By Dan Bernstein–
CBSChicago.com senior columnist
(CBS) My first interaction with Jimmy Piersall wasn’t a good one.
Up in the White Sox radio broadcast booth at Comiskey Park in 1981, a lucky recipient of an opportunity won at a charity auction, I was welcomed warmly by Harry Caray, as he invited me to sit down between his spot and Piersall’s.
“What the hell is that kid doing here?” Jimmy asked.
He was still kind enough to sign his picture in my game program at the conclusion of my time in booth, after Harry had allowed me to join the WMAQ broadcast more than once. It was a time that I was able to discuss with Jimmy many years later after I joined WSCR and he was an important voice on the station analyzing and criticizing the Cubs and the White Sox.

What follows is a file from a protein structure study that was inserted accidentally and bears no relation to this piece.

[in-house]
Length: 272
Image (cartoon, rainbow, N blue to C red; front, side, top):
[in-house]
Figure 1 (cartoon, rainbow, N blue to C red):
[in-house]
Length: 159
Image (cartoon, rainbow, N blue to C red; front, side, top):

Much of the memorializing of Piersall on Sunday and today after his death at 87 has focused on some of his most outlandish behavior and many battles and controversies over the years, but I will always remember him as a fearless truth-teller, often to a fault. His keen observations and caustic wit could combine to unsettle, and that never bothered him.
That essence — the desire to describe what he really saw in a way that informed, entertained and refused to be polished around the edges by accepted custom — was important to the identity of an upstart radio station that was still trying to hone its collective voice in establishing itself.
In that way, Piersall will always be in the DNA of The Score, his unique personality and influence well appreciated.